Last fortnight saw the Advisory Committee, World Heritage Matters, constituted under the Ministry of Culture, Government of India, visiting Chennai. The Departments of Tourism of the southern States, the Archaeological Survey of India and several NGOs, including INTACH, were invited to present their views on sites/buildings/precincts in South India that they considered worthy of World Heritage status. This by itself is a first, for the South has never been considered in such lists. The consultations are, however, only a preliminary step and do not by themselves amount to any kind of recognition or even a promise of future recognition. But they did give the South an opportunity to present its views.
World Heritage status is usually granted by UNESCO to sites of special physical or cultural significance. Of the 911 sites listed across the world, India has 29, of which merely five are in the South. A further 33 have been submitted by India for consideration and none from the South was in the list. This was, therefore, sent back for revision and that resulted in the present discussion. Moreover, it was felt that the lists from India tended to lean towards majority of monuments, most of them from the Mughal era. UNESCO, on the other hand, prefers inclusion of natural habitats, representations from pastoral and nomadic communities, unique forms of agriculture, which are on the wane, and living examples of heritage such as historic cities that are still in use.
In Tamil Nadu, Mamallapuram, the Nilgiri Mountain Railway and three of the major Chola temples – Brihadeeswarar, Gangaikondacholapuram and Darasuram – are the only sites which enjoy World Heritage status. The State, along with Kerala and Karnataka, also has the Western Ghats that has recently made it to the list.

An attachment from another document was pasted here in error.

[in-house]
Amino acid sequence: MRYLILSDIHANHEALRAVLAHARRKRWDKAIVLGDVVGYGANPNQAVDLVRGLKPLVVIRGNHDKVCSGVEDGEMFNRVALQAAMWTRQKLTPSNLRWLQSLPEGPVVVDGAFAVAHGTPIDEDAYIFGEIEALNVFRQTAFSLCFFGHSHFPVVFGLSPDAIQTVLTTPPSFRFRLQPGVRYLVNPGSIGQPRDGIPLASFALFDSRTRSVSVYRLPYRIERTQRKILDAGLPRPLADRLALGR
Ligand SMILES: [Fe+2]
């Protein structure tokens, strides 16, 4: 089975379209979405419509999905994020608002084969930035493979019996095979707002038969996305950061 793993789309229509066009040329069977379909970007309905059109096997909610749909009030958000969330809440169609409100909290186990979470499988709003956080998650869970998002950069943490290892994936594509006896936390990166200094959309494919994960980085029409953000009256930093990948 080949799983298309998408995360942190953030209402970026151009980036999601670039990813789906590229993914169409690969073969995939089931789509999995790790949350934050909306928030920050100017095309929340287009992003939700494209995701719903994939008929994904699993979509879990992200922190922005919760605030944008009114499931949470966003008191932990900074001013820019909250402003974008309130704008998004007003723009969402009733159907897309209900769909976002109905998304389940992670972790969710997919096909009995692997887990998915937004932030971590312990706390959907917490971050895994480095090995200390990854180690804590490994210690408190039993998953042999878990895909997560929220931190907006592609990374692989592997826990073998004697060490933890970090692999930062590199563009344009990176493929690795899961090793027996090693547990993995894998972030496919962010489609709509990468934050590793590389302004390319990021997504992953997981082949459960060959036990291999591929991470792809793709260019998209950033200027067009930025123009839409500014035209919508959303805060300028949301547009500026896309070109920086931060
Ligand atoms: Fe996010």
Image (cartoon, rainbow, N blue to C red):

The presentations were done by all the southern States and Union Territories. Tamil Nadu had seven recommendations (see table below). Each of the presentations was to be of five minutes’ duration, with discussions after that. Very few of the presenting teams adhered to this norm, with the usual tendency to be verbose being a prominent feature.
The State Government did its best to do an overkill on its own nomination by pushing it up in the order of presentation, trying to get some more time, etc. It is, however, a moot point as to how much of the presentations the Advisory Committee was able to absorb, given that it listened to almost thirty of them during the course of the day. But to be fair to its team, the short-listed sites will be given a year and sufficient funding to prepare a dossier for further consideration.
This, of course, is not the last word. The short-listed sites will then be forwarded to UNESCO along with the dossiers. There they will compete with sites nominated from across the world to, hopefully, make it to a final list. Once listed, UNESCO expects the site to adopt stringent norms of conservation and even the smallest deviation could result in delisting. Hampi almost suffered this ignominy a few years ago when a bridge was constructed in contravention of UNESCO norms. That has since been set right. It will be a tall order for any site in India to strictly adhere to UN regulations.
That said, it was an opportunity for Tamil Nadu and its neighbours to air their heritage. This brought to light several forgotten and unknown treasures. Leaving aside the possibility of these heritage sites making it to UNESCO list, such exercises will help keep heritage in focus. That by itself is a step in the right direction.
Sites proposed in Tamil Nadu
Srirangam Government of Tamil Nadu
Kailasanatha Temple, Kanchi Archaeological Survey of India,
Fort St George INTACH, Chennai Chapter
Adam’s Bridge School of Planning & Architecture
Chettinad Houses Revive Chettinad Development
Pulicat Lake AARDE Foundation
Kazhugumalai Temple, TirunelveliDHAN Foundation